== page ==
by Admin on January 11th, 2010
When Zimbabwe’s secretary for mines, Musukutwa, canceled a diamond auction getting underway in Harare, The Global Witness welcomed that decision. But the non-governmental organization warned the diamond industry that Zimbabwe must take concrete steps to demonstrate their commitment to cleaning up the diamond sector there or risk suspension from the Kimberley Process Certification Scheme (KPCS).
“If the sale had gone ahead, Zimbabwe would very likely have been in breach of an action plan agreed at the Kimberley Process plenary in November last year,” according to a statement issued by Global Witness. It was determined that Zimbabwe’s Marange diamond fields, where the diamonds to be auctioned were mined, were out of compliance with the Kimberley Process’s minimum standards.
Annie Dunnebacke, diamond campaigner at Global Witness, said: “If rough diamonds from Marange had been exported from Zimbabwe without prior inspection by a Kimberley Process monitor, then Zimbabwe would have been in clear violation of the action plan they agreed to at the plenary session in November.”
Dunnebacke added that Global Witness was “disappointed” that the Zimbabwe did not communicate the auction plans to the Kimberley Process. “We are deeply concerned at Zimbabwe’s complete lack of engagement with the Kimberley Process since last year’s plenary session. Their silence jeopardizes the success of the action plan and the viability of a clean future for the Zimbabwean diamond industry.”
It is imperative that Zimbabwe works more closely with the Kimberley Process and demonstrates its willingness to implement meaningful reforms in the diamond sector. If it fails to do so, the Kimberley Process must be ready to take swift and decisive action to suspend Zimbabwe and protect the credibility of the scheme, according to the group.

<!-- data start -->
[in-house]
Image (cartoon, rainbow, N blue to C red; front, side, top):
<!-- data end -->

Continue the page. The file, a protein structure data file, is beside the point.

by Admin on January 11th, 2010
Zimbabwe’s secretary for Mines and Mining Development, Musukutwa, halted a diamond auction on 1/07/2010 in Harare because the proper procedures had not been followed to sell the rough stones, according to government-run newspaper The Herald. Mbada Diamonds, a joint venture between the Zimbabwe Mining Development Corporation and Grandwell Holdings, announced that it would be auctioning 300,000 carats at its new facility at Harare International Airport and that buyers from the U.S., Europe and Asia had already arrived to buy the stones. But just as the auction was getting underway, news surfaced that neither the Kimberley Process (KP) nor Zimbabwe Mining Development Corporation (ZMDC) had been made aware of the auction.
The Herald quoted Musukutwa as saying, “The due process for selling diamonds produced in Zimbabwe involves the Minerals Marketing Corporation of Zimbabwe, ZRP Minerals Unit and Ministry of Mines and Mining Development, where diamonds from Marange are concerned. In the case of Mbada Diamonds, this process is yet to happen. The government of Zimbabwe observes and is committed to the administrative decision of the Kimberley Process Certification Scheme [KPCS] adopted at Swakopmund, Namibia during the November 2009 plenary meeting,” he said.
He added that rough diamond sales and exports could not be transacted by Mbada Diamonds until all government regulations and KP requirements had been fulfilled.
According to The Herald, Mbada Diamonds reiterated that it was ready to sell about 600,000 carats from the Chiadzwa diamond fields and had intended to offer these stones in two separate auctions. The newspaper stated that the company was complying with government terms and that the diamond certification process had begun while company representatives awaited the arrival of a KP monitor.